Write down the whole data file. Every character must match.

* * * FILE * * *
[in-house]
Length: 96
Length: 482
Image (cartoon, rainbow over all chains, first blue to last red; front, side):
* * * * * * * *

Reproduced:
[in-house]
Length: 96
Length: 482
Image (cartoon, rainbow over all chains, first blue to last red; front, side):